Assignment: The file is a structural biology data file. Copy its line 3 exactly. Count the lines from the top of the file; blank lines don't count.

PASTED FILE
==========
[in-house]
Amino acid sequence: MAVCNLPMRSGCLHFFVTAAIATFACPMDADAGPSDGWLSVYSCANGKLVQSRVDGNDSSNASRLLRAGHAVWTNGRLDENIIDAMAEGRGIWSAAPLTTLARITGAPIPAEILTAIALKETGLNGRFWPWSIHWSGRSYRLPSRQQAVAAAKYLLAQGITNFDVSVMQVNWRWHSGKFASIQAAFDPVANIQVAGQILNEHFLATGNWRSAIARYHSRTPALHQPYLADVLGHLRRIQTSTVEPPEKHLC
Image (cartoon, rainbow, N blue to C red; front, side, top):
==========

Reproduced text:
Image (cartoon, rainbow, N blue to C red; front, side, top):